“ This shift in tone in the opening minutes is part of a larger mode of expression that’s one of the most striking and effective aspects of Lendh. Vaka explores and maintains a beautiful balance of tensions, gently – almost gingerly – arranging and pulling at her material to make it taut, even uncomfortable, yet almost before we’ve even noticed it’s happening, everything has begun to relax. This is one of the reasons the music comes to resemble the kind of muscular flexing I spoke of before; it undulates and ripples, inhales and exhales, slowly pulsating not simply in dynamic outline but also in terms of density, mass and clarity, the main factors at the heart of the work’s shifting stresses and pressures.”
-
Simon Cummings, 5:4 


“Before I learned anything about this piece, I knew that I loved it. It grabbed me because it reminds me of so much of pieces of other music that I love: It’s got the warm embrace of early Sigur Ros, the hint of tragedy of some of Angelo Badalamenti’s music for Twin Peaks, a little bit of the watery mystery of Missy Mazzoli’s “Song from the Uproar,” and a shimmering depth that I can only assume is Vaka’s…”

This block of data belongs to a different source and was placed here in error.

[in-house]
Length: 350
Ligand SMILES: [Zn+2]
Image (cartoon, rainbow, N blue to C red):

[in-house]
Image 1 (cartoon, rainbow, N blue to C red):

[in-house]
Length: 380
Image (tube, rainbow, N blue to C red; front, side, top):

– Second Inversion


“Erlendis is a soothing, string-drenched excursion, thick in mystery and melancholy.  As the violin and the twin cellos cast their nets into a sonic sea, the piano, clarinet, french horn and bass flute keep them afloat.  Boat hulls creak, waves crash, cod dart…”
- A Closer Listen


“…Vaka proves to be an imaginative composer and capable multi-instrumentalist supported by a variety of ensemble performers… “

“…It sounds as if it might be emulating the blooming of its namesake flower as a somber, heavily textured drone slowly gives way to shimmering, tender piano lines.  At this point the album is itself in full bloom and reaches skyward with the celestial choral voices featured in ‘Gætni’…”
- Stationary Travels